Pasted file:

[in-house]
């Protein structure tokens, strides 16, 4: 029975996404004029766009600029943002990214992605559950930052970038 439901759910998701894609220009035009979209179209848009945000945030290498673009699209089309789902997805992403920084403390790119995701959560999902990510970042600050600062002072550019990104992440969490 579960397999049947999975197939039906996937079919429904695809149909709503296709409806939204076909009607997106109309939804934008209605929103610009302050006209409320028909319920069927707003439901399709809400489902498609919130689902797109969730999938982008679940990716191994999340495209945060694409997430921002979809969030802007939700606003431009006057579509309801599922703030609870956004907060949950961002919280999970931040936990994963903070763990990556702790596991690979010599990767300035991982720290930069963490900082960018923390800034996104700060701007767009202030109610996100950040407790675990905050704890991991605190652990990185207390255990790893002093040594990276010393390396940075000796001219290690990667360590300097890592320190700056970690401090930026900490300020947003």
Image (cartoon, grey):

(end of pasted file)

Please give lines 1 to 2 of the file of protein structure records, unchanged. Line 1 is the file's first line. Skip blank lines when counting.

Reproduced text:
[in-house]
């Protein structure tokens, strides 16, 4: 029975996404004029766009600029943002990214992605559950930052970038 439901759910998701894609220009035009979209179209848009945000945030290498673009699209089309789902997805992403920084403390790119995701959560999902990510970042600050600062002072550019990104992440969490 579960397999049947999975197939039906996937079919429904695809149909709503296709409806939204076909009607997106109309939804934008209605929103610009302050006209409320028909319920069927707003439901399709809400489902498609919130689902797109969730999938982008679940990716191994999340495209945060694409997430921002979809969030802007939700606003431009006057579509309801599922703030609870956004907060949950961002919280999970931040936990994963903070763990990556702790596991690979010599990767300035991982720290930069963490900082960018923390800034996104700060701007767009202030109610996100950040407790675990905050704890991991605190652990990185207390255990790893002093040594990276010393390396940075000796001219290690990667360590300097890592320190700056970690401090930026900490300020947003």